The Stand By Writer
over here…So here’s the kind of story that drives screenwriters nuts. We’ve created a small village in which to shoot, and we’ve built about five buildings. In order to save some money, the producer opted to not finish the back of one of the buildings, and wouldn’t you know it, but suddenly we find ourselves needing to shoot behind that building. The back is half wood siding (good) and half plywood (bad).
What do we do?
Well, every studio film crew has a guy called the “stand by painter”. If you need something painted on the spot, he’s your man. The stand by painter managed to paint the plywood in such a way that it looked like wood siding, and that’s all we needed.
Here’s the part screenwriters hate.
There’s a stand by painter, but there’s no stand by writer???
I relayed this story to a friend. He’s an Academy Award nominated writer-director (a truly great one at that). He’s directed movies from what he’s written, he’s directed movies from what other writers have written, and he’s written movies that others have directed…so he’s got a pretty good perspective on this whole concept. He’s very much in favor of the stand by writer, but he believes that the objection to this concept isn’t so much from the companies as it is from the directors.
So directors…I’m talkin’ to you. Here’s my pitch for the stand by writer.
I’m lucky enough to work with a secure director who enjoys my presence on the set. And since I work for a studio that would like to see me direct one day, I’ve been sort of “practice directing” in my head on this movie (note to the DGA…in my head, okay?…not stepping on anyone’s toes). I think about how to shoot the scenes. I think about pacing, angles, wardrobe, performance notes, editorial decisions, overlapping, transitions…all the stuff required of a studio director.
What I’ve come to learn is that “directing thinking” is vastly different than “writing thinking”.
When I write, my mind wanders. Possibilities are necessarily expansive. The totality of the story is constantly at the forefront. An hour goes by where I just think. Decisions aren’t really decisions—the delete key is ever so close, and what was certain an hour ago is now preposterous.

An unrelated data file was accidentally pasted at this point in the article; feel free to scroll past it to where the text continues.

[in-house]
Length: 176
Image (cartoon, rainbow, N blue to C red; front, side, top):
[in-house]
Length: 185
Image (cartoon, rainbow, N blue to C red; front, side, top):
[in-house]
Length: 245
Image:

When I’m in my directing mind, what I’m doing is concentrating entirely on the work of the day. I have a scene. Pages. The story of that scene must now be reverse engineered into geometric perspectives, angles that I diagram onto a blueprint of the set, just like this. Sizes must be considered, as well as how the scene will hopefully be edited. Continuity must always be monitored. There is no time to go backwards. There is no time to stop and think for a while. The day is long, exhausting and entirely focused on the capturing this one scene.
When you’re in the directing mind, it’s only natural that the obsession of the writing mind are neglected. It’s only natural. Why not have a writer there to turn to when you realize that you need some additional dialogue to help bridge a transition? Why not have a writer there who can offer a second line of defense against errors of omission? Remember, everything’s being shot out of sequence. And even though there’s a script supervisor, a producer, a line producer, an assistant director and a studio executive, at Hour 12 of a long shoot day in which everyone is concentrated on getting this one shot off right before the crew goes into overtime, the one person who is probably thinking hardest about this moment in the context of the whole story in chronological order…
…is the writer.
Consider this story, which is instructive for two reasons.
The link doesn’t work unless you cut and paste it into your browser window. The URL is http://www.wordplayer.com/forums/scriptsarc05/index.cgi?read=40628
First, it proves the writers’ point. We should be there.
Second, it proves the directors’ point. We are often unnecessarily negative, and our attitudes can be undermining.
If we could remain positive and helpful on the set, we’d be a major boon to the production. It would be possible, I think, to collectively bargain for a guaranteed offer for “stand by writer” services. Those services would not encompass the writing of actual pages, but would simply account for our presence and consultation. The writer could turn the offer down, but at their option.
The key, of course, is understanding exactly how one is supposed to behave on a set. Thinking about the job from the director’s point of view can help every one of us understand why they’re loathe to have another “author” around.
Think of it this way.
What if you were hired to write a screenplay, and a director was attached. And what if the studio said, “Oh, and by the way, the director would like to sit in a room with you while you write. And read what you’re writing over your shoulder. And then comment.”
Still, that’s pretty much what we’re asking to do when we request a presence on the set. Given that, I suggest we approach the task with the utmost respect to our directing brethren. They are the coauthors of the movie, but just as we are the sole authors of the screenplay, they are the sole authors of that shooting day’s work.
See how that works?
If writers could learn to be respectful of this fact, and if directors could learn to be less fearful of writers, the stand by writer would help accomplish something that everyone wants.